Why the VA frustrates Veterans

Published on February 23, 2012 by

60 Minutes, CBS January 30, 2010

Why the VA frustrates Veterans

There is a sacred tradition in the military: leave no one behind on the battlefield. But many veterans are beginning to believe their country has left them behind at home, once they’re out of uniform and in need of help. That help is supposed to come from the Department of Veterans Affairs and the financial compensation it gives to veterans.

It was Abraham Lincoln who said the purpose of the VA was to “care for him who shall have borne the battle.” But the wars in Iraq and Afghanistan have pushed the VA further behind in that mission, and today there are a million veterans waiting for the VA to handle their disability claims.

That has led some to latch onto another motto making the rounds for how the VA operates: “Delay, Deny and Hope That I Die.”

“Why, then, is the claim form 23 pages long?” Pitts asked. “A 23-page application form I think is probably goes beyond just what is required. And one of the things that we’re looking at is to try to simplify the process,” Walcoff said.

Add to that the recession, which is forcing more veterans to turn to the VA for help.  “All of those things have resulted in the Veterans Benefits Administration facing a backlog of one million claims,” Sullivan told Pitts.

“Veterans wait on average about six months to receive an initial answer on a disability claim. If a veteran disagrees with VA’s decision, the veteran waits another four years. That is a crisis,” Sullivan said.

Robinson told Pitts he was proud to serve and work for the VA, but that he’s not proud of the work the VA is doing. “We can do better,” he said.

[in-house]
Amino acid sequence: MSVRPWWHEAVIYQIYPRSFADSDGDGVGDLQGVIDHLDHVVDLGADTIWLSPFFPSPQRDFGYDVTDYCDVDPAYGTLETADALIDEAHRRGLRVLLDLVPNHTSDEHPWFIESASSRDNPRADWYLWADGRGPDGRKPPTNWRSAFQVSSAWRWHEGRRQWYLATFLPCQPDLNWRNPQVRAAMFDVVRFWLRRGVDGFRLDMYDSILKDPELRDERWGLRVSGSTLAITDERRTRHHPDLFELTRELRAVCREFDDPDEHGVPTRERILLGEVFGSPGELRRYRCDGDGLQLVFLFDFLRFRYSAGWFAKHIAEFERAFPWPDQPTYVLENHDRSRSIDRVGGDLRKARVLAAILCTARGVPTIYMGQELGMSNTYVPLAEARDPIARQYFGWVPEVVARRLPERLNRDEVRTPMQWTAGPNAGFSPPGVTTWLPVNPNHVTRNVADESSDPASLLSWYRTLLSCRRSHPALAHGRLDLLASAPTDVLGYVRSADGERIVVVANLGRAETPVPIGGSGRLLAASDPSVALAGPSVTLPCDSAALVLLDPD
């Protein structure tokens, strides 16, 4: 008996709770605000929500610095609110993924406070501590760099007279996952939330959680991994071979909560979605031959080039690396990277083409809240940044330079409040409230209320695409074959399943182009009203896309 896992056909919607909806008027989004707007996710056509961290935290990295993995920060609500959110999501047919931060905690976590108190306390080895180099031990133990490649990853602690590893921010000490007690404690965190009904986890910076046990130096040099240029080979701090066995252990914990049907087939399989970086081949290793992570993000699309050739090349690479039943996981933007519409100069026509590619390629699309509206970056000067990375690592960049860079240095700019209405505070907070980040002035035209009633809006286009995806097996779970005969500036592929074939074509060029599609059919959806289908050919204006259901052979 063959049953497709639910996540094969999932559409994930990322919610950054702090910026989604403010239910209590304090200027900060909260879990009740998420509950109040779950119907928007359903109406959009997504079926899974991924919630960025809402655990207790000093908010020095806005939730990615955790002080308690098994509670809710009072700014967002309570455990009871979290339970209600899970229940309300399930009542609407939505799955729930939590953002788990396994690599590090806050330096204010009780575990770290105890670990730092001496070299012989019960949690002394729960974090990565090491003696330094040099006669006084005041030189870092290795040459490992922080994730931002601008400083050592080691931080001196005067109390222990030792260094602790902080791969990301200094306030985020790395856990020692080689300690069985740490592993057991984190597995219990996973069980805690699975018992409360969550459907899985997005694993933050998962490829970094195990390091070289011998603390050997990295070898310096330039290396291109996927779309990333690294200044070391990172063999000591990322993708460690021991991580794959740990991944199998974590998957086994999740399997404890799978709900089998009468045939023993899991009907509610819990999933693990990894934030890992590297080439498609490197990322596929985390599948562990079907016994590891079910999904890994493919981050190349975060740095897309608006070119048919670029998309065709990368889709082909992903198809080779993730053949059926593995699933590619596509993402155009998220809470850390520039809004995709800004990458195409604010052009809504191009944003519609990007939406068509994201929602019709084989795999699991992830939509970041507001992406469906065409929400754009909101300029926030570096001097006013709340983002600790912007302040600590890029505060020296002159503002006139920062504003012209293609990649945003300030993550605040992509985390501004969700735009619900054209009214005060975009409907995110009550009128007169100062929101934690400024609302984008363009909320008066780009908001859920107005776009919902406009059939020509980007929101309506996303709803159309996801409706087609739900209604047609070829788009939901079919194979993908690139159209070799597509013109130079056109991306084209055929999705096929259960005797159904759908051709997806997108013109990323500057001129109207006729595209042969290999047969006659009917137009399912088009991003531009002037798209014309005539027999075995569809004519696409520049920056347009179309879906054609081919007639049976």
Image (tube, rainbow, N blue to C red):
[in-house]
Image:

Problems in the VA’s benefits branch have been the subject of GAO reports and congressional hearings for years. Starting in 2007, the VA received sizable increases in its budget and began hiring thousands of new employees. Yet the backlog of claims keeps growing.

“We keep trying’ to fix it, but it keeps getting’ out of hand. We throw more money at the problem, more people, we still have the problem,” Robinson said.  “So, what is it then? If more people can’t fix the problem, more money can’t fix the problem, how do you fix it?” Pitts asked. “It’s a culture. It’s a leadership problem,” Robinson replied.

But last March, the VA’s inspector general discovered that the VA was making more mistakes than it reported: the internal investigation found that nearly one out of four files had errors. That’s 200,000 claims that “may be incorrect.”  Attorney Douglas Rosinski has been handling veterans’ cases for ten years.  He characterizes the VA’s disability benefit system as “broken.”

Claims are being denied unfairly, Rosinski says, because VA employees don’t have the time to read the files thoroughly. “When you get a denial, and it says, ‘We didn’t see,’ that’s right. I mean, they’re not lying, but if you don’t look, you don’t see. And even if you’re looking, it’s hard to find out what’s in there,” he told Pitts.

Michael Walcoff told Pitts there is no incentive to deny claims. “And there’s no pressure from anybody to deny a claim. And I can’t say it any simpler than that.”

David Pitts is an Air Force veteran and one of Rosinski’s clients; he served for 18 years.  “Is your country serving you now?” Byron Pitts asked. “It’s not my country that’s doing this, it’s the VA. You know, there is no prouder American than I am,” David Pitts replied.

 

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